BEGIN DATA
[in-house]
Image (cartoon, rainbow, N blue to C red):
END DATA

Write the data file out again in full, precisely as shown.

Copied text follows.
[in-house]
Image (cartoon, rainbow, N blue to C red):